The effect of homework is debated. Generally speaking, homework does not improve academic performance among children and may improve academic skills among older students. It also creates stress for students and their parents and reduces the amount of time that students could spend outdoors, exercising, playing sports, working, sleeping or in stress management assignment pdf activities.
Homework also provides an opportunity for parents to participate in their children’s education. Homework is designed to reinforce what students have already learned. Homework research dates back to the early 1900s. However, no consensus exists on the general effectiveness on homework.
Results of homework studies vary based on multiple factors, such as the age group of those studied and the measure of academic performance. Very high amounts of homework cause students’ academic performance to worsen, even among older students. Students who are assigned homework in middle and high school score somewhat better on standardized tests, but the students who have 60 to 90 minutes of homework a day in middle school or more than 2 hours in high school score worse. However, younger students who spend more time on homework generally have slightly worse, or the same academic performance than those who spend less time on homework. Low-achieving students receive more benefit from doing homework than high-achieving students. However, schoolteachers commonly assign less homework to the students who need it most, and more homework to the students who are performing well. The amount of homework given does not necessarily affect students’ attitudes towards homework and various other aspects of school.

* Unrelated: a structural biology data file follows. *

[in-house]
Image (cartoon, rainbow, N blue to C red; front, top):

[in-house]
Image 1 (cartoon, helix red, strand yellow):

For all three of the correlations, higher values represent a higher correlation between time spent on homework and poor conduct. In a single study, parents and teachers of middle school students believed that homework improved students’ study skills and personal responsibility skills. Their students were more likely to have negative perceptions about homework and were less likely to ascribe the development of such skills to homework. Homework has been identified in numerous studies and articles as a dominant or significant source of stress and anxiety for students. Studies on the relation between homework and health are few compared to studies on academic performance. 1,983 students in Hong Kong, and found that homework led not only to added stress and anxiety, but also physical symptoms, such as headaches and stomachaches.
Stress was especially evident among high school students. Students that reported stress from homework were more likely to be deprived of sleep. Homework can cause tension and conflict in the home as well as at school, and can reduce students’ family and leisure time. English teachers, reported that their homework disrupted their students’ extracurricular activities and responsibilities. 4,317 high school students from ten high-performing schools, and found that students reported spending more than 3 hours on homework daily.